In 2012, Cook Political Report released its updated figures on the Partisan Voter Index, which measures each congressional district's partisanship relative to the rest of the country. North Carolina's 7th Congressional District has a PVI of R+11, which is the 94th most Republican district in the country. In 2008, this district was won by John McCain (R), 58-42 percent over Barack Obama (D). In 2004, George W. Bush (R) won the district 61-39 percent over John Kerry (D).[15]

Campaign contributions

Candidates for Congress were required to file up to seven main reports with the Federal Election Commission during the 2012 elections season. Below are candidate reports.

Mike McIntyre

Mike McIntyre (2012) Campaign Finance Reports
ReportDate FiledBeginning BalanceTotal Contributions
for Reporting Period
ExpendituresCash on Hand
April Quarterly[16]April 15, 2012$687,284.15$160,938.47$(69,237.30)$778,985.32
July Quarterly[17]July 15, 2012$763,976.49$386,910.24$(74,535.72)$1,076,351.01
Running totals

David Rouzer

David Rouzer (2012) Campaign Finance Reports
ReportDate FiledBeginning BalanceTotal Contributions
for Reporting Period
ExpendituresCash on Hand
April Quarterly[18]April 15, 2012$279,195.41$244,130.79$(433,090.47)$90,235.73
July Quarterly[19]July 15, 2012$88,397.41$272,779.04$(189,568.02)$171,608.43
Running totals

District history

Candidate ballot access
Ballot Access Requirements Final.jpg

Find detailed information on ballot access requirements in all 50 states and Washington D.C.

See also


  1. New York Times, "House Results," accessed November 7, 2012
  2. Raleigh News & Observer, "McIntyre declares victory as final votes counted," November 16, 2012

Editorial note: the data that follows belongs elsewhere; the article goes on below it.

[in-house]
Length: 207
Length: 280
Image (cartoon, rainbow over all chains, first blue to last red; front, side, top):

3. Roll Call, "North Carolina: Rouzer Calls for Recount in Race Against McIntyre," November 20, 2012
  4. North Carolina State Board of Elections, "Registering to Vote in North Carolina," accessed July 26, 2012
  5. North Carolina Redistricting Map, "Map" accessed August 24, 2012
  6. 6.0 6.1 6.2 6.3 Roll Call, "Race Ratings: GOP looks for major gains in North Carolina," accessed December 26, 2011
  7. accessed February 5, 2012
  8. New York Times, "House Race Ratings," accessed August 10, 2012
  9. NRCC "Young Guns 2012"
  10. 10.0 10.1 Washington Post, "The 10 states that will determine control of the House in 2012," accessed April 25, 2012
  11. Brennan Center for Justice, "Election Spending 2012: 25 Toss-Up House Races," October 22, 2012
  12. The Cook Political Report, "House: Race Ratings," updated October 18, 2012
  13. North Carolina State Board of Elections, "US Congressional Districts by County and Precinct," May 11, 2012
  14. "2011 Redistricting and 2012 Elections in North Carolina," September 2012
  15. Cook Political Report, "Partisan Voting Index Districts of the 113th Congress: 2004 & 2008" accessed October 2012
  16. Federal Election Commission, "Mike McIntyre April Quarterly," accessed August 19, 2012
  17. Federal Election Commission, "Mike McIntyre July Quarterly," accessed August 19, 2012
  18. Federal Election Commission, "David Rouzer April Quarterly," accessed August 19, 2012
  19. Federal Election Commission, "David Rouzer July Quarterly," accessed August 19, 2012